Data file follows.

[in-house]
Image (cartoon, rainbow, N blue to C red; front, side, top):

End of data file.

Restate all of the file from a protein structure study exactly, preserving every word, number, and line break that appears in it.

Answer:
[in-house]
Image (cartoon, rainbow, N blue to C red; front, side, top):